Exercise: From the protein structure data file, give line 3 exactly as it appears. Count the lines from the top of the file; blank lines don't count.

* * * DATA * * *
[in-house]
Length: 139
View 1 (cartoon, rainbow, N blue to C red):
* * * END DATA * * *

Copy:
View 1 (cartoon, rainbow, N blue to C red):